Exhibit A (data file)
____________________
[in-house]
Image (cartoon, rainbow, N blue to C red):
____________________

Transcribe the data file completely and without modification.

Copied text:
[in-house]
Image (cartoon, rainbow, N blue to C red):